Planning consent secured for £175 million soapworks district in Bristol
Bristol City Council has resolved to grant planning permission and listed building consent to mixed-used developer First Base for the £175 million regeneration of the Soapworks site, which will drive Bristol’s economic recovery from Covid-19 by delivering a mix of modern workspace, new homes and a new retail and food offer close to the city centre.
The new district will comprise two new buildings alongside the sensitive restoration of the Grade II listed Soapworks building, originally a soap factory dating back to the 1860s, set within an enhanced public realm.
The scheme will deliver 140,000 sq ft of flexible workspace to meet demand in the city centre where availability has been squeezed over the past twelve months, as corporates shift to a hub and spoke office model and increase their footprint in key regional cities.
Soapworks will also deliver up to 243 new Build-to-Rent homes (with 20 per cent affordable) and create space for independent retail and a vibrant food and drink offer, including Bristol’s first purpose-built food hall.
The development, which has been masterplanned by Woods Bagot, will be set around a new public square including biodiverse green spaces, and will create new pedestrian and cycle routes to the city’s commercial centre at Temple Quay and the cultural quarter at Old Market.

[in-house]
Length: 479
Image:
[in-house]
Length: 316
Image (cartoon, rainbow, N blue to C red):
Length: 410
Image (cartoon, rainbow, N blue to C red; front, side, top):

Lucinda Mitchell, Project Director at First Base, said: “The regeneration of the Soapworks site will restore one of Bristol’s landmark buildings and create a new green mixed-use district in the heart of the city.
“Soapworks will be a live, work, play neighbourhood, with high quality homes and a new ecology of independent retailers, food operators and cafes, as well as cultural uses, to attract and retain talent in the city centre.
“We are already seeing strong demand for the workspace and homes and look forward to working with Bristol City Council and the local community to deliver this exciting project.”
The project is projected to deliver more than £200 million of social value including employment, apprenticeship and training opportunities for local people.